Hydrocarbon Compression

DYNAMIC COMPRESSORS – RATIO OF COMPRESSION

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While the difference between suction and discharge pressures denotes the work done on a gas system, the ratio of absolute discharge pressure to absolute suction pressure is known as compression ratio. When a gas is compressed, part of the energy input or work done is converted into heat and friction losses. The ratio of compression, R, is the relation between the absolute discharge pressure and the absolute suction pressure. If P2 is the discharge pressure and P 1 is the suction pressure, then the compression ratio R = P 2/P1. This means the compression ratio denotes how many times the discharge pressure is greater than the suction pressure. In determining compression ratio, only absolute pressures must be used. To get absolute pressure, add the atmospheric pressure to gage pressure.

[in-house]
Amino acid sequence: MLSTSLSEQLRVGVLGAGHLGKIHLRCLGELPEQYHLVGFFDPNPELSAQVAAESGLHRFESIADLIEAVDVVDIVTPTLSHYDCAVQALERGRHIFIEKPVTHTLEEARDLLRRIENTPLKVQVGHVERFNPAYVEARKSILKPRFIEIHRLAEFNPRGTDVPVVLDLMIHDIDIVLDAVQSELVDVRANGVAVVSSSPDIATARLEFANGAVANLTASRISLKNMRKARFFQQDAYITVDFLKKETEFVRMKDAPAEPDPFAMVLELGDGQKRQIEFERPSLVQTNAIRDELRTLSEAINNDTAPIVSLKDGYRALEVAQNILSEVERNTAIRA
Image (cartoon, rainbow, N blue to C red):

For example, compressor discharge pressure = 300 psig: Absolute discharge pressure = 300 + 14.7 = 314.7 psia.

Example:
Air is compressed to 100 psig using an air compressor. What is the com-
pression ratio of the compressor?
Air enters at atmospheric pressure. Therefore, P1 = 14.7 psia
Discharge pressure = 100 psig = 100 + 14.7 = 114.7 psia
Therefore, compression ratio R = 114.7/14.7 = 7.81
Example (metric units):
Air is compressed to 6 kg/cm2g using an air compressor. What is the com-
pression ratio of the compressor?
Air enters at atmospheric pressure. Therefore, P1 = 1.033 kg/cm2a
Discharge pressure = 6 kg/cm2 g. Absolute pressure = 6 + 1.033 = 7.033

Compression ratio R = 7.033/1.033 = 6.81
Note how the pressures have been converted into absolute pressures.

Written by Jack

October 1st, 2021 at 2:38 am

Posted in Fundamental

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